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Management Motivations: Data and determination drive sales success

Management Motivations is a new series of articles by Quectel’s senior executives that explores their management styles, approaches to the challenges of further developing the company and what drives them to lead and succeed.

Number 1: Data and determination drive sales success

I graduated university in the recession of the 1980s and began my career with hard core door-to-door sales to businesses of photocopiers. The way to be successful was to have daily, weekly and monthly key performance indicators (KPIs) based on the activities that best predicted success. These included the number of businesses I approached via on-site cold calls, the number of product demos to prospects and the analysis of closing ratios.

Database management was vital because a business typically only needed to buy a replacement photocopier when the lease on their existing copier was about to expire. This required me to follow a rudimentary database to track when the lease would be up for each company on each street. In my first full year, I was the top door-to-door salesman in our Canadian subsidiary and, after 18 months, I moved into sales management eventually becoming a district manager in Toronto managing 52 staff by the age of 28. I was a national sales manager for Panasonic copiers by the age of 32.

The photocopier industry is considered mid-tech while technology companies developing cellular devices, such as Quectel serves the high-tech industry. I had my eyes opened to high-tech as, having graduated university in Washington State, my close friend started out in a low-level job at Microsoft and became a multi-millionaire inside a decade. I had learned of Sierra Wireless as the copier division of my employer, Panasonic, was part of the computer division which used Sierra’s modems in rugged notebooks for police vehicles.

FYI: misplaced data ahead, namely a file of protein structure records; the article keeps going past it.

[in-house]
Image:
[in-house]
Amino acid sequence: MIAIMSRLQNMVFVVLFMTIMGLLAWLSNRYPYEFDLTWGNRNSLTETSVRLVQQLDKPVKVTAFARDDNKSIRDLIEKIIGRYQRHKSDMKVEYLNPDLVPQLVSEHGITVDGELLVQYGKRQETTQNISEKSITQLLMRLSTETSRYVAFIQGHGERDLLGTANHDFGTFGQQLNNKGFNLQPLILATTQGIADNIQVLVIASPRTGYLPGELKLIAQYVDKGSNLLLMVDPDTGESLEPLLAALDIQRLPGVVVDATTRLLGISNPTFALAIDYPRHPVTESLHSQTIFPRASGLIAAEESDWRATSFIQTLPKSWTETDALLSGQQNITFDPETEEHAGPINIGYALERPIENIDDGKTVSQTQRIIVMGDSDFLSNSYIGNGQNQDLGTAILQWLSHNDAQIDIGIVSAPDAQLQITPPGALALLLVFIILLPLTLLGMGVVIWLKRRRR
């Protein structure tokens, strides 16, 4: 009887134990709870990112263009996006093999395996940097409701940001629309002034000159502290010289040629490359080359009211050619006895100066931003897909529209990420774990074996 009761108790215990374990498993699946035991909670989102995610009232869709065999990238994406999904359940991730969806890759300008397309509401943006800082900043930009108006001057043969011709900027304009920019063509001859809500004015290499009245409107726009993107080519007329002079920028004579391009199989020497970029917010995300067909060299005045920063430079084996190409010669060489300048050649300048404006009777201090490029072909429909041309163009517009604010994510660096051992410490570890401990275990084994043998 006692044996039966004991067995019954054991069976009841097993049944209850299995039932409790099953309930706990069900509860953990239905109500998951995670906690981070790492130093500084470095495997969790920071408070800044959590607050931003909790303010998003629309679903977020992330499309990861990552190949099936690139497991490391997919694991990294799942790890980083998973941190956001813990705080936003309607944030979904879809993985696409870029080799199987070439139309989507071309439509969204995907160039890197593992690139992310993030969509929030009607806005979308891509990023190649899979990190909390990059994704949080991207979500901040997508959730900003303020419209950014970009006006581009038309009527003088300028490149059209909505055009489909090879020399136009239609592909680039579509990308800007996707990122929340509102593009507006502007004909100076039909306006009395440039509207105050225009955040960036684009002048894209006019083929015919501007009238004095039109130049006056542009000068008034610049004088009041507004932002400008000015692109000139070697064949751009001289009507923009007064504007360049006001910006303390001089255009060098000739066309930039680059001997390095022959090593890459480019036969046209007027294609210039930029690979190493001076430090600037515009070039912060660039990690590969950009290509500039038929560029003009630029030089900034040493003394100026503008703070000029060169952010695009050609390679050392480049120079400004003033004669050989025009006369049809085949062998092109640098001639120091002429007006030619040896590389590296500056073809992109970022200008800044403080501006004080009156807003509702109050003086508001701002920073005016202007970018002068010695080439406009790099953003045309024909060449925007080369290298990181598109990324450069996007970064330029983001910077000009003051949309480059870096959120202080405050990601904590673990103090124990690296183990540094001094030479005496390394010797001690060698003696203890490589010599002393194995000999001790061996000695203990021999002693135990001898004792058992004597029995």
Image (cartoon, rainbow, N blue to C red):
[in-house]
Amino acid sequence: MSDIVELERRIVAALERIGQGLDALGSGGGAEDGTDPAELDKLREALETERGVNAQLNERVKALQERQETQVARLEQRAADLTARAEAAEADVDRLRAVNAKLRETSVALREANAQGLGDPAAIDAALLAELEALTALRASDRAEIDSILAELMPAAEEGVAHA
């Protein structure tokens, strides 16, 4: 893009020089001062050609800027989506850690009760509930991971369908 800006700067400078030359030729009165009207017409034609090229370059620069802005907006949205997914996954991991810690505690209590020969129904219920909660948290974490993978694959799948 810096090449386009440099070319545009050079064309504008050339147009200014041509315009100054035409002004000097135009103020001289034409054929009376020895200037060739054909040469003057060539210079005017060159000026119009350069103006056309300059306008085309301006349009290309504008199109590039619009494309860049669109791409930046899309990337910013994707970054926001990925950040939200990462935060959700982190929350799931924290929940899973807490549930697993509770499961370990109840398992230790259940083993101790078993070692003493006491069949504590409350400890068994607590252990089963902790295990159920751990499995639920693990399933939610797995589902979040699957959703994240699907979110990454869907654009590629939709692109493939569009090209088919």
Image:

I first became an investor in Sierra Wireless and, when the stock did so well, I decided to seek a role with them. Compared to enterprise customers who would spend on average less than $25,000 annually, it was a dream come true to work with technology companies such as Compaq, as well as mobile network providers who would buy millions of dollars of products. The market values of technology companies meant there was a lot at stake, which created a pace and excitement where I was exposed to some really smart and impressive people. As technology companies are more product focused, the structure in the sales management process and methodology tend to be more of an afterthought. I saw an opportunity to add value by bringing much needed ‘sales management 101’ models to my product-focused high-tech employers.

The purity in sales is that the results are measured and the contribution is impossible to ignore. Revenue growth is a key aspect of how companies are valued, so if someone can develop the skillset to generate more growth than others, their value is recognized. I learned selling copiers that if I worked until late each night and on weekends, I could rise to the top of the leaderboard, competing against those working fewer hours with less organization.

That ability to control if I succeed or fail has always appealed to me. I am not interested in playing politics or being in a bureaucracy where nothing that you do can make a difference. My ambition is to measure those behaviors that are most likely to contribute to success. The hours you work are, of course, the easiest for you to control and, since the ship sails at the speed of the captain, it also sets the tone for the entire organization.

I joined Quectel because I saw an opportunity to contribute to company value by successfully expanding its market share to the North American market. Quectel had less than 1% US market share before I joined yet my counterpart Dominikus Hierl in Europe, who has since generated number one share in EMEA IoT, had already proven that there was a void in the western markets that Quectel was able to fill. Quectel CEO and founder, Patrick Qian, had demonstrated a committed and ambitious plan to build market share in all global markets by having the vast R&D and engineering support organization needed to best serve customers. All I needed to do was to make the North American market aware of the products and support.  This was achieved by implementing structured and defined methodology on sales and support engagements.

Joining Quectel has been rewarding as the company culture our CEO and my boss, company president Norbert Muhrer, implemented is focused on investing in whatever it takes to serve our customers.  Joe Peterson who had worked with Norbert and I having been my peer managing APAC previously, had joined me in building US market share previously and significantly extended our influence.  Since we joined Patrick in the effort to expand US market share, we are told more Quectel devices have entered and exited US carriers’ labs than any competitor’s devices.  We have in three short years exceeded prior sales levels when formerly at a competitor.

Look out for my next blog when I will be discussing: “Lead by example to foster a sales culture of continuous improvement”.